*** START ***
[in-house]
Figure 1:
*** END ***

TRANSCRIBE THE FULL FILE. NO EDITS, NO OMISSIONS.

[in-house]
Figure 1: